Emeritus Professor MaryAnn Bin-Sallik AO
MaryAnn is a member of the Djaru Nation from the Kimberley region of Western Australia (WA). She was born in Broome, WA and raised in Darwin, Northern Territory (NT) from the age of nine years. She was the first person from the Aboriginal Community of Darwin to graduate as a trained nurse from Darwin Hospital in 1962. She was the first Indigenous Australian to gain a Doctorate from Harvard University in 1989, and the first Indigenous Australian to work in the Australian Higher Education Sector in 1975. In 2008, on retirement from Charles Darwin University, she was made an Emeritus Professor for her outstanding contribution to Indigenous education. In 2017, University of South Australia, her alma mater, made her a Doctor of the University for her contribution to the academy. That same year, she was awarded an Order of Australia for her contribution to the academy as an academic, researcher, and mentor.
Melora Noah from the Komet tribe of Mer Island in the Torres Strait, is passionate about remote Indigenous education. As the P&C Association President of Tagai College, Melora says “We must always ask ourselves why do we educate our children? For me it’s breaking the welfare cycle, teaching my kids something for something, not something for nothing. Through my son Sim, the first Torres Strait Islander on the Indigenous Education program at The Scots College in Sydney, I have come to realise that the corporate arm of Australia, and non-Indigenous individuals and families are often there ready to help us. Doors that I found to be traditionally deadlocked to me and my children, open with great ease through education. But we too must be willing to walk through those doors.”
Melora also helps the women in her community. She says “The greatest armour a Meriam woman can put on to face the challenges of today is to be educated. With education comes knowledge; with knowledge comes power; power to speak and to be heard. MABO won, proving that our age old Meriam society and structure is very much alive in this day and age, and that is why we, the Women of MABO must be able to master the art of living in both worlds.”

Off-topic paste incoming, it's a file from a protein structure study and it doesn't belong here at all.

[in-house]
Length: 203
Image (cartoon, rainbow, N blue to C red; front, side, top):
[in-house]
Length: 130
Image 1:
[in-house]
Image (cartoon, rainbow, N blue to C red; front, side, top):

Celeste has Aboriginal heritage from south western Queensland along with Celtic heritage. Celeste commenced working in remote Aboriginal Communities in the late 1970s in the north west Kimberley’s of WA. Over many years she has fostered relationships and gained knowledge and experience in Community Engagement and Consultation. Prior to returning to work in remote and rural communities, Celeste spent some years working as a Social Planner and as National Manager for a large private recruitment company in a programme to assist people with non-vocational barriers to employment.
Yarlalu Thomas is a Nyangumarta Pitjikarli man, originally from Warralong, southeast of Port Hedland. The first in his community to complete a high-school certificate, he enrolled in a Bachelor of Medical Science and Doctor of Medicine (MD) at the University of Sydney.
Between his bachelor's degree and MD, Yarlalu was awarded the inaugural Roy Hill Community Foundation Fellowship. He now works with the WA Register of Developmental Anomalies, Genetic Services WA and Cliniface, to transform genetic health care services for remote Indigenous people.
Yarlalu also works with Pilbara Faces, which aims to understand 3D facial variation of ATSI peoples to provide more accessible, quicker and non-invasive diagnosis for children with rare and genetic diseases.
Yarlalu also launched the UNESCO-endorsed Life Languages project to translate medical terminology into ATSI languages, and indigenous languages internationally. He combines the newest scientific and medical knowledge with old and ancient wisdom.
Yarlalu also mentors and tutors Aboriginal boarding students, helping them adjust to their new lifestyle.
Australian hip hop artist, Ziggy, was raised in remote Arnhem Land, later going to boarding school in Sydney alongside Founding Director, Angus Crichton. Ziggy’s voice, whether through music or public speaking, addresses the silenced injustices of Aboriginal Australia as well as other social issues. Lyrically influenced by artists such as Yasiin Bey (Mos Def), Lauryn Hill and Common, along with activists like Charlie Perkins, Gary Foley and Adam Goodes, Ziggy finds passion in giving a voice to those often unheard.